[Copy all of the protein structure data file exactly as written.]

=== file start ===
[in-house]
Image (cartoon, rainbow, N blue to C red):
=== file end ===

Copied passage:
[in-house]
Image (cartoon, rainbow, N blue to C red):